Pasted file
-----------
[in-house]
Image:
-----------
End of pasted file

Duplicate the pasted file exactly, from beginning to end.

[in-house]
Image: